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'No limit' to what Hawkins can do

The Inspiration: St. Joseph's Catholic baseball star has rebounded since being diagnosed with cancer four years ago



John Hawkins helped lead St. Joe's to a 30-2 record and the South Carolina Class A title as a senior. / Richard Shiro

John Hawkins’ high school experience at St. Joseph’s Catholic was anything but ordinary. He experienced what most teens will not.

Rewind to October 2010. Hawkins played catch with LSU football coach Les Miles in the middle of an empty Tiger Stadium the day before the Tennessee-LSU game.

Hawkins was hardly a blue-chip football prospect. Four years ago, he was diagnosed with Hodgkin’s Lymphoma Stage 4, a cancer of the immune system, and the Make-A-Wish Foundation arranged his meeting with Miles.

PHOTOS: Hawkins honored with ceremony

Hawkins, a football fanatic, was even more devoted to baseball. He was introduced to the sport at 3 years old, when his father pitched to him in the living room. He naturally took to the sport and developed into a skilled player talented enough to start on the varsity high school team as an eighth grader.

“He was always that kid who people were afraid to come to the plate because they knew he’d get a hit,” said St. Joseph’s senior catcher David Marable, who has known Hawkins since age 12.

Now a freshman at the University of South Carolina, Hawkins begins the year far differently compared with when he was a newbie at St. Joseph’s. For one, he doesn’t wear a body cast during classes. He also doesn’t put on a beanie to cover his once bald head.

These days, Hawkins is feeling “better than ever,” he said.

“I’m at a point physically where I can hang with or surpass anyone in just about any activity. There’s no limit to what I can do now.”

Life has notably shifted — only for the better — since Hawkins’ family vacation to Washington, D.C., in August 2009, during which Hawkins recalled feeling constant pain around his upper spine and had difficulty walking around the city.

He went to a pediatrician back home, and tests revealed that his platelet count was at a dangerously low 5,000. 

An orthopedic doctor also spotted two hairline fractures in the base of his back, but that didn’t explain the pain occurring at the top. Hawkins was given a body cast that wrapped his chest and back to keep his spine from moving in an attempt to mend the fractures. He wore the cast all day and night, only removing it to shower.

The orthopedic doctor later discovered that Hawkins had a 2.5-centimeter lymph node on his neck. The bad news continued. He also had tumors in his liver, spine, hips and lungs.

“He had no capacity for blood to clot,” said Dawn Hawkins, his mother. “The doctor said if he would have been hit with a baseball, he probably would have bled to death.”

The next step: chemotherapy and radiation, which he endured on and off for nearly four months. Hawkins missed approximately 60 days of school as a freshman and nearly 80 as a sophomore.

Hawkins later resorted to an autologous stem cell transplant, which uses cells from one’s body instead of from a donor. The process involves high doses of chemotherapy to destroy cancerous cells before infusion and requires keeping the patient in isolation to avoid contacting germs.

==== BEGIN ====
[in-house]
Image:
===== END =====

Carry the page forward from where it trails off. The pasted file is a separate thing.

While in the hospital, Hawkins contracted a 104-degree fever and a Respiratory Syncytial Virus (RSV), an infection of the lungs and breathing passages. That brought on mouth sores, which brought on a lack of appetite, which in turn brought on a 40-pound weight loss on his 5-foot-6 frame. He dropped to approximately 110 pounds.

After 25 days bedridden, he was discharged from Medical University of South Carolina in Charleston.

“I remember the day I got out,” Hawkins said. “Walking to the car was so difficult. I had to relearn how to walk. I’d get winded after a few feet.”

When Hawkins returned to Greenville, he spent most of his time recovering on the couch and going on 10-minute daily walks with his mother. Once the mouth sores healed, he focused on regaining weight by eating mostly chicken and rice, and drinking up to three protein shakes a day.

As his strength returned, so too did his training dedication. He’d hit and field balls before lifting weights and running.

“If I wasn’t doing school work, I’d be doing something to get into better shape,” Hawkins said. “I’d get winded after everything. It was so difficult, but I had to keep working.”

Miraculously by his junior year, Hawkins started varsity at second base and much to his surprise hit nearly .500.

“He wanted it more than ever since he had experienced the thought of never playing again,” said St. Joseph’s Catholic coach John Barwick.

But the summer entering his senior year was the real turnaround period. Hawkins credits training at D1 Sports in Greenville to helping him get into the best shape of his life. He said he started to feel completely normal and was able to work out with ease. Not only did he change physically, his mental approach also transformed.

“John saw practice as a gift. He took advantage of every moment on the field,” Marable said.

It was evident this past season as Hawkins played a role in the team’s 30-2 record and Class A state title — a glorious ending to his roller coaster high school experience. And yet after the fact, Hawkins said his perspective on life is more grateful than ever because he’s been given a second chance to live it.

“Life can end at any time,” he said. “We can’t take it for granted. Instead, take advantage of every opportunity.” 

Hawkins intends to do so at South Carolina. He expects to play on the baseball club team next spring and intends to try out for the Gamecocks during his sophomore year.

“I love being on the field. It’s a place I go to clear my mind — a gateway to get away from everything,” Hawkins said. “I’ve always felt really accomplished on it.” 

 

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